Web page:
Golden Corral Corporation History
Raleigh, North Carolina 27612
Telephone: (919) 781-9310
Fax: (919) 881-4686
Incorporated: 1972 as Golden Corral Corporation
Sales: $1.247 billion (2003)
NAIC: 72211 Full-Service Restaurants
At Golden Corral restaurants, our goal of pleasing each and every guest is made possible through the dedicated efforts of our caring and knowledgeable co-workers. Since the beginning, they have been preparing and serving the highest quality food at reasonable prices in a clean, friendly atmosphere thereby fulfilling the Golden Corral mission of making pleasurable dining affordable.
- James H. Maynard and William Carl open the first Golden Corral.
- By now, Golden Corral owns more than 100 restaurants.
- The company acquires 193 restaurants from Sirloin Stockade.
- The first seven Metro Market concept restaurants open.
- Aggressive franchising efforts begin.
- The first international Golden Corral opens in Juarez, Mexico.
- The firm signs a $45 million franchise agreement with Frisch's Restaurants Inc.
- Golden Corral celebrates its 30th anniversary; 24 new restaurants are opened.
Having started with one small steakhouse, Golden Corral Corporation has grown into one of the nation's strongest family restaurant chains. The ability to adapt to changing tastes allowed Golden Corral to continue growing during the 1980s and 1990s as changes in eating habits and increased competition brought drastic change to the family steakhouse business. Success continued in the 2000s as well--by 2003 the company operated and franchised 467 restaurants throughout the United States, serving 167.5 million guests that year.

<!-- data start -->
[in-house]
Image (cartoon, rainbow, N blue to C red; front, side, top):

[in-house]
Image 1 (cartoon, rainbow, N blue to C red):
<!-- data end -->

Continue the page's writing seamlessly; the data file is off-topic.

Golden Corral was born in 1973, when James H. Maynard and William Carl were unable to convince Ponderosa, Bonanza, Western Sizzlin', or any of the other major chains that they were financially worthy of a franchise. Undaunted, they mapped out the plans for their first steakhouse in a North Carolina library and raised money by selling shares to friends from high school and college. The first Golden Corral opened in 1973 in Fayetteville, 40 miles from the company's Raleigh headquarters. The motif was western and the emphasis was on meat and potatoes. Patrons raised their hands for their orders when the waitresses, or "steerettes," called out their numbers. During the 1970s, about 90 percent of Golden Corral customers raised their hands for red meat.
The new company counted on freshness to separate itself from other budget steak houses. From the beginning, each Golden Corral restaurant cut its own steaks from fresh, USDA Choice beef. "Nobody in America at the time was doing that," Maynard told Restaurant Hospitality. "We started with a seven-ounce sirloin and ran up to a 12-ounce. We cut top butts, tenderloins, filets, and ribeyes." Golden Corral charged only slightly more for its fresh steaks than the other budget chains did for their frozen, imported steaks. The company also set itself apart by focusing on small-town America, opening most of its units in markets with almost no direct competition. In addition, Golden Corral distinguished itself by avoiding franchising agreements; many Golden Corral managers became partners, owning 20-30 percent of the units they ran.